Tuesday, May 24, 2005

Independent. Determined. Fearless.

Partner Potty Training

Has he gotten you trained yet?

That is the question my mother posed when I was finished relaying the latest incident in my youngest son's potty training saga. She relishes each new tale with an evil sort of glee, nodding in remembered pain, the words, "pay back" perched deliciously on her lips. I can't argue with her. If there was ever reincarnation from mother to child - it's me and my baby. Of course I would never admit such a thing to his grandmother. But he has the same independent spirit that my mother requested my kindergarten teacher, temper but not break. The same fearless attitude that found me playing beneath a clothing rack in Walmart and had my son wandering happily through the church sanctuary this past Sunday - flipping casually through pew books and searching for his grandfather that was four hours away in St. Louis. The same determined will that allows my son - through begging and bribing - to hold his urine until his bladder damn near bursts just to mock me.

Independent. Determined. Fearless.

There are times I forget that he's just like me. This past Sunday, in fact. I was home, infused with a fresh injection of the Word. The sermon had centered around God's mercy for his children and how that should translate in our everyday lives. So after almost 30 minutes of sitting without success, I was feeling merciful(among other things)and took pity on my son's red ringed bottom. And from my merciful position a great idea was born.

Ready for this?

Me, in all my merciful ignorance figured since he didn't want to pee in anything but a diaper, letting him run around bare assed, shouldn't present a problem. Well, the ending is a lot more predictable now. No more than two minutes into his period of sweet freedom, my oldest son's eyes were rounder than saucers as a ring of wetness bridged the gap between him and his brother and it took all I had to remember my merciful stance.

Independent. Determined. Fearless.

Days later, my three year old still tugs occasionally on my sleeve to remind me that Junior peed on the rug. Of course he can't remember to keep his legos out of the toilet two minutes after I tell him, but then it's much more important to keep the spotlight of Mommy's wrath on the wrong doing's of his brother. You can ask my older sister all about that.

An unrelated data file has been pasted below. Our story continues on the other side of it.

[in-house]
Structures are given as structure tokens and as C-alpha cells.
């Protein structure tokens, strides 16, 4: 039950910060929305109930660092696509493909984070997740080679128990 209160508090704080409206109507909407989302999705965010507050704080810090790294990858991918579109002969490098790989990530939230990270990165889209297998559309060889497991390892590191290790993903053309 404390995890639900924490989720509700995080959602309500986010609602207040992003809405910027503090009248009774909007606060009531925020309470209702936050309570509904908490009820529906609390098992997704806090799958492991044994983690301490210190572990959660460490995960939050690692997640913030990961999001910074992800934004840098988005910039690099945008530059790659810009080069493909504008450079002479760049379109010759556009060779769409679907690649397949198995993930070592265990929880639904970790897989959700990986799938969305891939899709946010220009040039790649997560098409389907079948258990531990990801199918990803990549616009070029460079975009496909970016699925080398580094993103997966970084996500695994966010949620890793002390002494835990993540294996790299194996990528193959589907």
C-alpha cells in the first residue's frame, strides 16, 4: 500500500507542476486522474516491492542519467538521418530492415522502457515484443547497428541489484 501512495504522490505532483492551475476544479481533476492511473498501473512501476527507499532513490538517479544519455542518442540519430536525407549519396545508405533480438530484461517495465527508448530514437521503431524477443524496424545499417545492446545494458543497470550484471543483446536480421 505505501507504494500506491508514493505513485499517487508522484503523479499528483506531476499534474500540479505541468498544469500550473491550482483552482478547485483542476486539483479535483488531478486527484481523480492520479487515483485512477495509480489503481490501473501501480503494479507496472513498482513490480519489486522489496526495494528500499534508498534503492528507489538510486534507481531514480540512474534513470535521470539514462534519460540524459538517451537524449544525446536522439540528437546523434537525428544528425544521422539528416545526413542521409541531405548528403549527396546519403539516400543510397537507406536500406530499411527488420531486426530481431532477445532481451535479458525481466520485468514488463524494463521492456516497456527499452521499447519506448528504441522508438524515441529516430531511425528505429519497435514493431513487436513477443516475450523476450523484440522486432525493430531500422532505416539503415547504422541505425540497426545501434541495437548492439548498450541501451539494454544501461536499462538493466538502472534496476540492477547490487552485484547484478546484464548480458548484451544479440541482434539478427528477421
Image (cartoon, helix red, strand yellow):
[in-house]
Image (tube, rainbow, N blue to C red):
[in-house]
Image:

Now all I can do is hope that once our white carpet dries, there won't be a yellow stain to mock me and my bright idea for years to come. And I can only wish as my mother did countless times when I was growing up, that my baby has a child just like him. Interestingly enough, the traits that I fear will make me tear my hair out now, are exactly the ones I want him to have when he's older.

Independent. Determined. Fearless.

Wednesday, May 18, 2005

How to become an instant hero to any child under the age of nine ......

Me and Spongebob

As part of my job as a radio personality, I am required to make certain personal appearances including grand openings like the one I did last week at a Chicagoland Lowe's store. I used to love doing these "stops" as we call them in the radio biz (they bring in extra cash and you get to meet your listeners - both very important) and used to schedule four or five a weekend. But that was BEFORE. Before, I had a husband and two boys; 3 and 2 years old. (I know: what was I thinking?) Now I reserve the majority of my weekends to spend with them. So when the station manager called me to say that I had been scheduled for a two hour stop at Lowe's with Nickelodeon's cartoon character Spongebob Squarepants on what was projected to be one of the warmest Saturdays thus far this year, I was less than pleased. Relunctantly I agreed since it was a little late in the game for them to find someone else.

Needless to say it was a LONG two hours.

While smiling, shaking hands and kissing babies, all I could think about was what I would do with my babies once I got home. Whether or not the park near our house would be too crowded or if playing in my newest project - the garden - would be better. I relunctantly allowed one picture with Mr. Bob to be snapped before I beat a hasty retreat and that was only to make the sponsors happy.

At last I was free to spend the rest of the afternoon with my family. And it was glorious.

An email was sent to me later that night containing the picture of me and Spongebob. I had obviously failed to realize the magnitude of what I had done. When I casually showed it to my son, his eyes popped open so wide his three-year-old forehead almost disappeared and I detected a little moistness in the corner of one as he wrapped an arm around me and pointed at the screen, whispering the words, "Mommy, do you know who that is? That's Spongebob Squarepants." There was such awe, wonder and raw emotion in his voice, I almost began to weep with him. At my son's insistence, I saved the picture to my hard drive and long after I was done working, he would wander over and just stare at the picture, running a finger across the screen as if he could hardly believe it was real.

He went to bed talking about Spongebob, and when he woke up instead of his usual kiss and "good morning", he rubbed his eyes and requested that I call Spongebob and invite him to church. I could just picture it - Jesus and Spongebob Squarepants.

It was then that I realized I had been elevated quite a few notches in the eyes of my eldest child. I thought I was pretty cool anyway but now it's official. And you know, I plan to use this to my advantage for at least the rest of the week ..........